It's the annual St. Patrick's Day battle of sales between Cheers and Gary's Olde Towne Tavern. Not only does Cheers lose the battle of the hi-jinx with an unsuspecting Woody taking the brunt of the ...
Sumner Sloan, Diane's ex-fiancé and old English professor, tells her that he submitted one of her old unfinished novels to an editor at a publishing house, the editor who sees promise in it and sees ...
Al Bundy is a misanthropic women's shoe salesman with a miserable life. He hates his job, his wife is lazy, his son is dysfunctional (especially with women), and his daughter is dim-witted and promiscuous.
In this sitcom, Charlie, who takes Mike Flaherty's place in later years, is the Deputy-Mayor of New York City, and his team of half-wits must constantly save the Mayor from embarrassment and the media.
Michael J. Fox,
The lives of the disparate group of employees and patrons at a Boston watering hole called Cheers over eleven years is presented. Over much of this period, Sam Malone, a womanizing ex-Boston Red Sox pitcher and an alcoholic, owns the bar, its purchase and this life which was his salvation from his alcoholism which was largely the cause of the end of his baseball career. He ends up having a love-hate relationship with intellectual Diane Chambers, who he hires as a waitress and whose cultured mentality is foreign to anyone else in the bar. He also has an evolving relationship with Rebecca Howe, who managed the bar for the Lily Corporation which bought it from Sam, but whose outward business savvy belied the fact that she was a mess of a woman who was struggling to find her place in life. The regular patrons are largely a bunch of self-identified losers, who bond because of their shared place in life, and because Cheers is their home away from home, and in many ways more a home than ... Written by
In episodes where scenes are set in the pool room at the rear of the bar, a poster for the "Boston Barleyhoppers" can sometimes be seen. The Barleyhoppers were a running club that met at the actual "Bull & Finch" pub in Boston. See more »
The locations of the men's and women's restrooms varies throughout the series. Usually the women's restroom is closest to the bar and the men's is closest to the pool room, however this is inexplicably switched on numerous occasions throughout the series. See more »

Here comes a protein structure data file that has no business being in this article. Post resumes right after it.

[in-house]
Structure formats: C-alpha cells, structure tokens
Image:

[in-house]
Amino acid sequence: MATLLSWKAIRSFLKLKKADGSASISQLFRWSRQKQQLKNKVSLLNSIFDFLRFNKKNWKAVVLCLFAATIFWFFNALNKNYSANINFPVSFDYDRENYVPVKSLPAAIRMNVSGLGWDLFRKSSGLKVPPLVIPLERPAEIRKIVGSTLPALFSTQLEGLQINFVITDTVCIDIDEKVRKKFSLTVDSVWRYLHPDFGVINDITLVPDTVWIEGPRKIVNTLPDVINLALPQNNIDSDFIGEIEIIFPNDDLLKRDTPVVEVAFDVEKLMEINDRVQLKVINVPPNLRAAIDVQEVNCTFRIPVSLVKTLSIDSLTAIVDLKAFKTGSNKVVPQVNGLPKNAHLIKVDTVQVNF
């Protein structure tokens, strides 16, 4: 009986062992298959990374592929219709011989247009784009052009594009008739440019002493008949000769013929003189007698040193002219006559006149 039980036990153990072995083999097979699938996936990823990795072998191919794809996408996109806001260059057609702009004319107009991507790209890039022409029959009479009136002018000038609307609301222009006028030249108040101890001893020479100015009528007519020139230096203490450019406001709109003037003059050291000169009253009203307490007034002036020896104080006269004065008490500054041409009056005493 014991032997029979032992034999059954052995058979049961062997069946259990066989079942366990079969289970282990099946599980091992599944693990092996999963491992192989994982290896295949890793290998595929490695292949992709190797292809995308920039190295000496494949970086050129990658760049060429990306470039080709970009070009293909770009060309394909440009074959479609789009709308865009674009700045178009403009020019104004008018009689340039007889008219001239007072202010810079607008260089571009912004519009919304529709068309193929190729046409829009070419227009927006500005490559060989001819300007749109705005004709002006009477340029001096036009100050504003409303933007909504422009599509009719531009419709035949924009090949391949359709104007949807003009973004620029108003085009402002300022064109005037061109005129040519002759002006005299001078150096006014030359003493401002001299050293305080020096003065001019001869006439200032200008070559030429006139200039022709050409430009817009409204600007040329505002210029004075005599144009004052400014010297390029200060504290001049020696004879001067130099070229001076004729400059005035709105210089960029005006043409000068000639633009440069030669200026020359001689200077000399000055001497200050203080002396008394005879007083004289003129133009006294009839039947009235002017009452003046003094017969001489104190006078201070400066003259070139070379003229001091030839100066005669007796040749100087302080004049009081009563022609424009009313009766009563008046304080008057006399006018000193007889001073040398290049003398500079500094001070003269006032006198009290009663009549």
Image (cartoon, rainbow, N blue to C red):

What are you up to, Norm?
My ideal weight... if I were 11 feet tall.
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The style of the opening credits never changed throughout the series' 11 year run, unless a new cast member was added. See more »
A dominant block-buster of a television series that put NBC on top in the ratings race in the 1980s and the network has not looked back since. When "Cheers" first came into homes around the nation in 1982, it was greatly ignored by the viewing public. The Emmy Awards more than anything resurrected a series that had no life after a first season that found the series consistently in the gutter of the Nielsen Ratings. After several big-time awards (including one for Best Comedy Series) "Cheers" sky-rocketed and was almost always a top 5 show and most of the times the number 1 program in America. In modern-day Boston, a small tavern does prove that there are still places where everyone does indeed "know your name". A former baseball player (Ted Danson) owns a bar that caters to many (bar-flies George Wendt and John Ratzenberger, former professional coach Nicholas Colasanto, waitress Rhea Perlman and love interest Shelley Long). Quirky stories, heartwarming moments, heartrending situations and consistent comedy would always follow the key players. As the years passed, the cast changed (Long left the show and was replaced with Kirstie Alley who became the owner and Colasanto passed away in real life and the Woody Harrelson character was created), but the constant was always the show's outstanding group of creative writers and top-notch directors. Psychiatrist Kelsey Grammar (and wife Bebe Neuwirth) would also come along early in the series and just add more color, heart and intelligence to a show that had a surplus of all those elements throughout its 11-year-run. From the emotionally-charged theme song to its smallest of bit players, "Cheers" proved that there could be quality on television and that it could sustain and withstand unfortunate problems with its players in real-life. Monumentally important to the art of television study. A truly outstanding achievement for all involved. 5 stars out of 5.
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